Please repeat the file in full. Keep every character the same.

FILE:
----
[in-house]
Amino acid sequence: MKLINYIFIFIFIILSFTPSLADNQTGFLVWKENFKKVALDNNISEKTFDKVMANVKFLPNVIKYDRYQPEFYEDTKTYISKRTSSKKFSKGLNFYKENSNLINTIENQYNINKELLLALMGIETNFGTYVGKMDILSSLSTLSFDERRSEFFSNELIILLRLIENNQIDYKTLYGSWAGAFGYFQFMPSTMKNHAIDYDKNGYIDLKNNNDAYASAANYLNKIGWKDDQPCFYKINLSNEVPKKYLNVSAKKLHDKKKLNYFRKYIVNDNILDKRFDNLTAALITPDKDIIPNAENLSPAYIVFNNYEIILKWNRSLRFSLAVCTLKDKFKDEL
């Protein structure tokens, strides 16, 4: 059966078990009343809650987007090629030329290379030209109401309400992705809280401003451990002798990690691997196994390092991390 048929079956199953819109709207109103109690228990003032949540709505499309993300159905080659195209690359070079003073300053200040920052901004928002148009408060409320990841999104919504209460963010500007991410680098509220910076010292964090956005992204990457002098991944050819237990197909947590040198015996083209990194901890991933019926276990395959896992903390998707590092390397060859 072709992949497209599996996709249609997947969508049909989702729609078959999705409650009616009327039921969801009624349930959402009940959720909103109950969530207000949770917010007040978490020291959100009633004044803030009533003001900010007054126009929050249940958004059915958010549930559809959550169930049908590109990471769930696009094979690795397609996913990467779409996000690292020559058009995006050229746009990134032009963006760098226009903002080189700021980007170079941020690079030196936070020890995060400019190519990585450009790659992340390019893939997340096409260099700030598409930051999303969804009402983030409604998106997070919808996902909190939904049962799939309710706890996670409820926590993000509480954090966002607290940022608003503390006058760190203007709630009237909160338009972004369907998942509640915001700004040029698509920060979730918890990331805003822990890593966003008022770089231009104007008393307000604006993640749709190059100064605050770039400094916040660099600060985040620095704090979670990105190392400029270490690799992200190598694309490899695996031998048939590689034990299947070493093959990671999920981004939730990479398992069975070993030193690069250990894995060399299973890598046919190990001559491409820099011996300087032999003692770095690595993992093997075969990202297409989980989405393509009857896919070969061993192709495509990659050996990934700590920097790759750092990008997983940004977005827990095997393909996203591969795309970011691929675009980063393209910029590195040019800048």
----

[in-house]
Amino acid sequence: MKLINYIFIFIFIILSFTPSLADNQTGFLVWKENFKKVALDNNISEKTFDKVMANVKFLPNVIKYDRYQPEFYEDTKTYISKRTSSKKFSKGLNFYKENSNLINTIENQYNINKELLLALMGIETNFGTYVGKMDILSSLSTLSFDERRSEFFSNELIILLRLIENNQIDYKTLYGSWAGAFGYFQFMPSTMKNHAIDYDKNGYIDLKNNNDAYASAANYLNKIGWKDDQPCFYKINLSNEVPKKYLNVSAKKLHDKKKLNYFRKYIVNDNILDKRFDNLTAALITPDKDIIPNAENLSPAYIVFNNYEIILKWNRSLRFSLAVCTLKDKFKDEL
């Protein structure tokens, strides 16, 4: 059966078990009343809650987007090629030329290379030209109401309400992705809280401003451990002798990690691997196994390092991390 048929079956199953819109709207109103109690228990003032949540709505499309993300159905080659195209690359070079003073300053200040920052901004928002148009408060409320990841999104919504209460963010500007991410680098509220910076010292964090956005992204990457002098991944050819237990197909947590040198015996083209990194901890991933019926276990395959896992903390998707590092390397060859 072709992949497209599996996709249609997947969508049909989702729609078959999705409650009616009327039921969801009624349930959402009940959720909103109950969530207000949770917010007040978490020291959100009633004044803030009533003001900010007054126009929050249940958004059915958010549930559809959550169930049908590109990471769930696009094979690795397609996913990467779409996000690292020559058009995006050229746009990134032009963006760098226009903002080189700021980007170079941020690079030196936070020890995060400019190519990585450009790659992340390019893939997340096409260099700030598409930051999303969804009402983030409604998106997070919808996902909190939904049962799939309710706890996670409820926590993000509480954090966002607290940022608003503390006058760190203007709630009237909160338009972004369907998942509640915001700004040029698509920060979730918890990331805003822990890593966003008022770089231009104007008393307000604006993640749709190059100064605050770039400094916040660099600060985040620095704090979670990105190392400029270490690799992200190598694309490899695996031998048939590689034990299947070493093959990671999920981004939730990479398992069975070993030193690069250990894995060399299973890598046919190990001559491409820099011996300087032999003692770095690595993992093997075969990202297409989980989405393509009857896919070969061993192709495509990659050996990934700590920097790759750092990008997983940004977005827990095997393909996203591969795309970011691929675009980063393209910029590195040019800048």